Personal Injury Frequently Asked Questions
How do I legally prove that I was in injured in an accident?
Negotiations with an insurance company take place in letters and on the phone with an insurance adjuster, not in a courtroom with lawyers. So you don't need legally perfect "proof" of anything. You just need to make a reasonable argument -- in plain language, that the other person (or company) was careless, even if there are also plausible arguments on the other side.
If you make a good argument why the other person was at fault, the adjuster will realize that if the matter ever wound up in court, there is a good possibility that its insured person would be found legally responsible. Companies usually prefer to pay a reasonable claim settlement sooner, rather than risk having to later pay not only for your injuries, but also court costs and lawyer fees.
Can I get compensation if an accident might have been partly my fault?
Even if you might have partly caused an accident yourself, you can still receive compensation from anyone else who was careless and partly caused the accident. The amount of another person's responsibility is determined by comparing his or her carelessness with your own. For example, if you were 25% at fault and the other person was 75% at fault, the other person must pay -- through the insurance company -- 75% of the fair compensation for your injuries. This rule is called "comparative negligence."
A few states supposedly bar you from any compensation if your own carelessness substantially contributed to the accident ("contributory negligence"). But in practice, the question of whether your carelessness actually contributed to the accident is a point to negotiate with the adjuster.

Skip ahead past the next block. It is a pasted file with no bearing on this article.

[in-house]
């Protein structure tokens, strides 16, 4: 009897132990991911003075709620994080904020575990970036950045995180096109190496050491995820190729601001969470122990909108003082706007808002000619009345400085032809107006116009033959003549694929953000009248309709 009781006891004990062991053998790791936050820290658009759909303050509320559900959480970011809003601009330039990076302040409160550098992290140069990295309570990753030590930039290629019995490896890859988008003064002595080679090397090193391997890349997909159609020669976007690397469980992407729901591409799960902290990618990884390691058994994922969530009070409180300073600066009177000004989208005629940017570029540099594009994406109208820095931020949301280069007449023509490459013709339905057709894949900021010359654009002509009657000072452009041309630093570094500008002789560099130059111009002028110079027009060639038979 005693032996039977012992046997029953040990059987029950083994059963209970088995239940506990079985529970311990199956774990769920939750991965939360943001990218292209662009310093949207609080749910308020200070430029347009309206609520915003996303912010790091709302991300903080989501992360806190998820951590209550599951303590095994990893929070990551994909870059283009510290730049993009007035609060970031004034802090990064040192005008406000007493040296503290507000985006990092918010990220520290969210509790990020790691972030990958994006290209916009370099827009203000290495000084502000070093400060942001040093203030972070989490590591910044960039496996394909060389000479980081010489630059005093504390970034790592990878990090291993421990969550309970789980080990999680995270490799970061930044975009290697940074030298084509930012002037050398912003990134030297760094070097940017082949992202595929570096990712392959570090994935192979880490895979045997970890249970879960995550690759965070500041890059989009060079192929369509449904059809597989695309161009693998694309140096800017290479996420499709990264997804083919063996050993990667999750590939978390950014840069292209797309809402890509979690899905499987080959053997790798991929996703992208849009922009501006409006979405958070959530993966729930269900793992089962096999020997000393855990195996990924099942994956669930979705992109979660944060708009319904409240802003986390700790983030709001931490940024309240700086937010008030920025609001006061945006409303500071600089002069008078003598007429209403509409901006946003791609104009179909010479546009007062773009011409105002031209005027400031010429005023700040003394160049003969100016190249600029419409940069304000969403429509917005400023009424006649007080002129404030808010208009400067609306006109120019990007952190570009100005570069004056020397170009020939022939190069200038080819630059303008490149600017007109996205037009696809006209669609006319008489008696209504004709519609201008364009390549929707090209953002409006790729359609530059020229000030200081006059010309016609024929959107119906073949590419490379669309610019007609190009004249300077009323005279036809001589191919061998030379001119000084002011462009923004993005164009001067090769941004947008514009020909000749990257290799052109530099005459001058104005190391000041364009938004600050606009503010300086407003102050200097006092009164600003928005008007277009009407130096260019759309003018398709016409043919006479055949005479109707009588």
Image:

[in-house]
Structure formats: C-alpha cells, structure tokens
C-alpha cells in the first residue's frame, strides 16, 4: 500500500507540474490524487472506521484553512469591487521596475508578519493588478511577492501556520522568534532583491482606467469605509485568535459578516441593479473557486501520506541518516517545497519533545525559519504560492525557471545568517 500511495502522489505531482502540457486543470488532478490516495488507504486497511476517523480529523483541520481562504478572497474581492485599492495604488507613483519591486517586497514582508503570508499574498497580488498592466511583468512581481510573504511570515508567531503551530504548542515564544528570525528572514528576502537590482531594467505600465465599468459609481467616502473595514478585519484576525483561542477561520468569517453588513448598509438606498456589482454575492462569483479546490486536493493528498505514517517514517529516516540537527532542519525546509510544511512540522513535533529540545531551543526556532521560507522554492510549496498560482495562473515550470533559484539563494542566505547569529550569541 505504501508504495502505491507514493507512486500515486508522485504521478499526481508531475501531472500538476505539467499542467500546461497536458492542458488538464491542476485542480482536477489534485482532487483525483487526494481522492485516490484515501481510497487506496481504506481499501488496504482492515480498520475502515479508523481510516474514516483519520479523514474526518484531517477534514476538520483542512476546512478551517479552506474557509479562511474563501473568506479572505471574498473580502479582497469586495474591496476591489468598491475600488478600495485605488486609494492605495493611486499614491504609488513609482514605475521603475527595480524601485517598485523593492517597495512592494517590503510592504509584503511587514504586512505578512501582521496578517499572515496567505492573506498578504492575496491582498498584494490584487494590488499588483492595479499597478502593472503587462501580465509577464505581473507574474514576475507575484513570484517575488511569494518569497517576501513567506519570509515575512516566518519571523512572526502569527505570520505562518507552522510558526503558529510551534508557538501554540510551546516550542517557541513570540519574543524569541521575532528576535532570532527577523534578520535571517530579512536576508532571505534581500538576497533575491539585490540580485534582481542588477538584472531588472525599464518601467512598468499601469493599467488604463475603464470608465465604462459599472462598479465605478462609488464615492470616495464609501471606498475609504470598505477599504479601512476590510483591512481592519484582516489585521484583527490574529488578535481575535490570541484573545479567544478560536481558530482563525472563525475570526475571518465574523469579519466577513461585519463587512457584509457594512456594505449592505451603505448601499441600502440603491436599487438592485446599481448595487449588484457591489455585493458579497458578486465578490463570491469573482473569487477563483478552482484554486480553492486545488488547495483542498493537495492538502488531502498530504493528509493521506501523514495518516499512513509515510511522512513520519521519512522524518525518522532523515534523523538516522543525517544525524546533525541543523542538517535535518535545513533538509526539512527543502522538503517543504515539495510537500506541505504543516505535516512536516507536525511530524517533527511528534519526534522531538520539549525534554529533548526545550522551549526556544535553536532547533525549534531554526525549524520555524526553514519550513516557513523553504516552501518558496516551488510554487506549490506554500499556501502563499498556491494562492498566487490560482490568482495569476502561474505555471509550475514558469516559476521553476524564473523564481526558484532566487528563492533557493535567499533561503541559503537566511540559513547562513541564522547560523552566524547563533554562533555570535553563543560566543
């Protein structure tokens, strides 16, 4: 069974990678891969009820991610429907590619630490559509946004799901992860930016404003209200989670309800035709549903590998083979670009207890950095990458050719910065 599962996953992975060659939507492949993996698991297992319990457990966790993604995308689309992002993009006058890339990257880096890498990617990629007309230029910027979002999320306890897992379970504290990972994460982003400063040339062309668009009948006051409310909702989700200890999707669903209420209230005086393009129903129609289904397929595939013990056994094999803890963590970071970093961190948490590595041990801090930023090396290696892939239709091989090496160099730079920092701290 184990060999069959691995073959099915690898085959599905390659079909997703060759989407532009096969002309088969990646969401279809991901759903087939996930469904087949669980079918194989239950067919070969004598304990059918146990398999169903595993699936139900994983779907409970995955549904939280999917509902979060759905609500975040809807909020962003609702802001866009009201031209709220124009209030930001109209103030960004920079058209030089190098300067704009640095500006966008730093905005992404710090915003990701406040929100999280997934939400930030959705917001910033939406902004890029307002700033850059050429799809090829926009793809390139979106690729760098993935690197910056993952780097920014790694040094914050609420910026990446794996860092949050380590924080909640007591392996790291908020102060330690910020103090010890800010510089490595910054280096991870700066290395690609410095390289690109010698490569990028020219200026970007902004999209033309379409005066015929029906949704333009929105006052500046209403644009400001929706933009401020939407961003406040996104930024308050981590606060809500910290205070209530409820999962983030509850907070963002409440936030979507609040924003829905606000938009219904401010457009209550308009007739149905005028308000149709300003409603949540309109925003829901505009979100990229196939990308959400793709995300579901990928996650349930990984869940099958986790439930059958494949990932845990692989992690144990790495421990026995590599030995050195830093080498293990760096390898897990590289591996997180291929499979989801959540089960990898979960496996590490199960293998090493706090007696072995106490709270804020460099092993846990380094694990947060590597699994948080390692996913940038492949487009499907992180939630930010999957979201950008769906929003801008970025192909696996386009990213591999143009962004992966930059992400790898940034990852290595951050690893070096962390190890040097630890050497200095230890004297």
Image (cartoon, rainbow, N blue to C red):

There is no formula for assigning a percentage to your and the other person's carelessness. During claim negotiations, you will come up with one number; the adjuster will come up with another, and explain why you bear greater responsibility for the accident. The different percentages you each arrive at then simply go into the negotiating hopper with all the other factors that determine how much a claim is worth.
What if my physical limitations made the accident more likely or made my injuries worse?
What if you have a bad knee, which makes one leg a bit unsteady? Or if your eyesight, even with glasses, is not very strong? If you fall on a broken stair, are you still entitled to compensation even though someone with stronger legs or better eyesight might not have fallen?
Yes. All people, regardless of physical ability, have a legal right to make their way through the world without unnecessary danger. Owners and occupants of property must permit no unnecessary danger to any person who might reasonably be expected to be on the property. The same goes for drivers and everyone else, they must not create unnecessary danger to anyone whose path they might cross.
How do insurance companies decide how much they'll pay to compensate someone for an injury?
Insurance companies and lawyers use a formula to calculate a range of compensation for an injury. The final payment figure, though, is the result of negotiations with the injured person.
The formula is no secret. In general, an injured person will be reimbursed for:
A claims adjuster begins with the medical expenses. Then the intangibles -- pain and other noneconomic losses -- are added in by multiplying the medical expenses by 1.5 to 2 times if the injuries are relatively minor, and up to 5 times if the injuries are more significant. The multiplier can go still higher -- sometimes as much as 10 times medical expenses -- if the injuries are particularly painful, serious or long-lasting. Finally, lost income is added to that amount.
Several factors raise the damages formula from the 1.5-times end toward the 5-times end:
Will my health insurance coverage or paid sick leave from work limit my compensation for an accident?
Whether you paid for medical care out of your own pocket or your health insurance covered it is none of a claims adjuster's business. The same goes for whether your lost time at work was covered by sick leave or vacation pay. In fact, it is improper for an adjuster even to ask about such payments. You paid for your health insurance and earned your sick leave or vacation pay; now the insurance for the person who caused the accident has to pay.